The team is conducting a rapid assessment of local and national media transmission capabilities, audience reach and infrastructure damage. It will make recommendations for assistance to facilitate the flow of vitally need information between the international relief operation and Haitians. Internews is able to deploy its team with generous support from the MacArthur Foundation and other donors.
Internews recently completed a project in Haiti working with 40 community radio stations throughout the country called RAMAK (Rasanbleman Medya pou Aksyon Kominoté). The project, which was funded by the U.S. Agency for International Development, focused on journalism trainings and technical skills for radio production personnel. The head of RAMAK, Jean Fedner Chéry, was in Washington, D.C. last year to accept the 2009 Internews Media Leadership Award for the radio network's track record of providing essential medical, educational and humanitarian relief information to its listeners.
For further information :
* Mark Harvey email@example.com
44 7703 180 524
* Caroline Giraud firstname.lastname@example.org
Note of Caution: Internews is closely allied with the US State Department, having been a primary agent for privatizing stations in the former Soviet Union, and currently engaged with major initiatives in Afghanistan in collaboration with the US Military. Much of Internews' funding comes directly from agencies associated with the NSA. The sorry condition of the Haitian economy and misery of the population even prior to the quake has been attributed to the questionable role of US trade (and military) policies in the country.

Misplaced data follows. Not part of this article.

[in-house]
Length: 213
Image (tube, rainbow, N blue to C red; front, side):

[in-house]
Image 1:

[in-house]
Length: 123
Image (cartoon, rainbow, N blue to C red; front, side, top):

US Government funders of Internews:
USAID Office of Foreign Disaster Assistance (OFDA)
USAID Office of Transition Initiatives (OTI)
US Department of State (DOS)
US Department of State, Bureau of Democracy, Human Rights and Labor (DRL)
US Department of State, Bureau of Population, Refugees, and Migration (PRM)
US Department of State, Middle East Partnership Initiative (MEPI)
US President's Emergency Plan for AIDS Relief (PEPFAR)
MEANWHILE THE NEW YORK DAILY NEWS REPORTED ON THE IMPORTANCE OF COMMUNITY RADIO:
Haiti earthquake: Community radio stations help worried kin get news of loved ones
BY SIMONE WEICHSELBAUM, JAKE PEARSON AND SAMUEL GOLDSMITH
Read more: http://www.nydailynews.com/news/world/2010/01/14/2010-01-14_earthquake_kin_get_help_from_local_radio.html#ixzz0cd00zmjA
Phone lines are down. Internet connections are spotty. Cell phone towers sit in piles of rubble. Faced with no way to reach loved ones on the island, desperate Haitian immigrants in New York have turned to community radio broadcasts for the latest news.